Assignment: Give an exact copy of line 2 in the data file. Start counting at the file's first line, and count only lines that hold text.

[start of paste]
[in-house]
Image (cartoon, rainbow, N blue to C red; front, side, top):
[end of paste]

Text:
Image (cartoon, rainbow, N blue to C red; front, side, top):